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What happens with the money you have stored in apps like Paypal or Venmo if they fold?

Digital payment apps have become popular. However, the federal financial watchdog is warning about a possible risk with storing your money on them.

CFPB warns about keeping money digital pay apps like PayPal

The Consumer Financial Protection Bureau (CFPB) has sent out a warning to Americans that use digital payment apps. Consumers are storing billions of dollars on services such as PayPal, Venmo, and Cash App but that money “may not be safe in the event of financial distress.”

That’s because unlike funds held in a bank or credit union with federal deposit insurance coverage, those stored on digital payment apps are not guaranteed by the federal government. Furthermore, the service providers “are not typically subjected to the same oversight” and their user agreements often lack information including on what would happen if the company fails.

“Popular digital payment apps are increasingly used as substitutes for a traditional bank or credit union account but lack the same protections to ensure that funds are safe,” said Rohit Chopra, CFPB Director, in a statement.

What happens with the money you have stored in apps like Paypal or Venmo if they fold?

The CFPB is shining a spotlight on digital payment apps in the wake of high-profile bank collapses in recent months like Silicon Valley and most recently First Republic. The former was put into distress when customers began a run on the financial institution that catered to tech companies and venture capitalists, the vast majority of its deposits were uninsured. That began a contagion that spread to other regional banks forcing the government to step in to stabilize the sector.

These nonbank entities are not covered by the Federal Deposit Insurance Corporation and National Credit Union Administration which insure up to $250,000 held in bank accounts by those entities. That means that if a nonbank goes belly up, any funds stored on the app could vanish and leave customers with no recourse.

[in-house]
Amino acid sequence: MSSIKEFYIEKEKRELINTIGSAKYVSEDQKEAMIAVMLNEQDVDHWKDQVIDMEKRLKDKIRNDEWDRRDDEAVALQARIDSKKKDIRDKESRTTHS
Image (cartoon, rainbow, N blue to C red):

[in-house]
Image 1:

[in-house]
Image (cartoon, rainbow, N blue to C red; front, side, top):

The CFPB recommends transferring funds to insured accounts

Users of these nonbank apps are advised to transfer their money stored on digital pay apps to an insured bank or credit union. The financial watchdog notes that last year transaction volume across all service providers was roughly $893 billion by their estimates. In the next few years, that number is expected to nearly double to $1.6 trillion. Young adults are prevalent users of these apps with around 85 percent of 18- to 29-year-olds having used one.

The companies often do not move the money immediately according to the financial watchdog. Furthermore, digital payment apps may not be storing the money in an insured account but instead investing the funds to earn money. These investments are not under the same oversight as investments made by other financial institutions.

The CFPB cautions about the information available to customers or better the lack of specific details in user agreements. That can include if the money is being used for investments or held in an account. Nor is it always clear that when stored in an account under what conditions the money may be insured. Most crucially, should the institution fail, what will happen to the user’s funds.


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